What interests me especially about the book, apart from Sudanese politics, are the moral ambiguities of famine aid work itself. Starving 'orphans' distribute their aid rations to relatives who are guerilla soldiers. The children die, villages are slaughtered by armies fed largely by relief aid; aid workers move up the career ladder, get promoted. It's a situation that desperately rejects the application of a black and white brush, where the natural impulse to do something unambiguously good - feed starving children - becomes instead a moral quandary.

The people of Sudan can't seem to catch a break. Africa's longest civil war. Usama Bin Laden. Now Darfur. From a recent Financial Times article:

In short, the government of Sudan is conducting a scorched-earth, near-genocidal war against its own citizens. Again.

We have seen this before, after all. Many of these tactics are familiar from the government's decades-long war primarily in the country's south; the scorched-earth approach is Khartoum's signature policy when dealing with rebellion. For years, it has attacked its own civilians in the course of the conflict with the Sudanese People's Liberation Army (SPLA). In the past few months, however, Khartoum has turned its attention to the people of Darfur, whom it suspects of aiding two other rebel groups, the Sudanese Liberation Army (SLA) and the Justice and Equality Movement (JEM).

The Economist also has articles on Darfur, including this one, which contains a good summary of the history of the long civil war and the various and constant changing rivalries, and this second one, here.

Wednesday, May 19, 2004

"If A Conservative Is A Liberal Who Has Been Mugged, Then A Liberal Is A Conservative Woman Who's Been Divorced." 

It's true.

Thou Shall Not Steal 

The Passion of the Christ is now among the top 10 illegal downloads in the U.S. Mel Gibson isn't a happy camper...

The (City) Kids Are Alright 

Matthew Yglesias does not thank me for the happy birthday wishes, but does object to my apparent endorsement of the view that the suburbs are a superior place to raise kids.

For the record, Matt and I actually agree on this: I think kids can -- and do -- thrive in cities. For the same reasons adults thrive in them. Community. Diversity. Culture. Stuff to do out of the house, away from the computer and the TV. Independence from automobiles. I went to college with a large number of kids who grew up in Manhattan - they always struck me as far more mature, self-assured, and interesting than the kids who grew up in the suburbs. My mother works in Manhattan now, and has often said that had she known then what she knows now, she would have raised us in NYC. She didn't know it was possible to raise kids in a big city, but knowing her coworkers kids has convinced her we missed out not growing up there.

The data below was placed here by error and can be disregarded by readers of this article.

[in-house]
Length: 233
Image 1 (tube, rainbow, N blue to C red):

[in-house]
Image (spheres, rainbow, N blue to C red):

If I had kids of my own, I think I'd want to raise them in NYC. It's a great place for kids. DC would probably also be okay.

But I don't have kids. Most of my friends that do have fond memories of childhoods in the suburbs that they want to recreate for their own kids. It's not what I would choose, but I can't exactly condemn them for it, either. (Particularly since they've all told me to shut up until I have kids of my own.)

(P.S. I didn't actually grow up in either a city or a suburb. I spent my salad days in a down-and-out rural rust belt town in upstate New York that could have been lifted from Joyce Carol Oates' Foxfire: Confessions of a Girl Gang. I definitely wouldn't recommend raising your kids there, but you probably weren't thinking of relocating to such a place for the sake of the kids anyway. I did dig holes in muddy creeks, but they were tributaries of Love Canal. We ran free through our neighborhoods unsupervised -- mostly hiding from older bullies and shooting Bebe guns into abandoned factory windows. Good times, some of them, well, a few of them; not exactly the childhood I'd try to recreate for any offspring of my own.)

Update: Laura responds that while city life may be fine for the kids, it's expensive on the parents. And exhausting.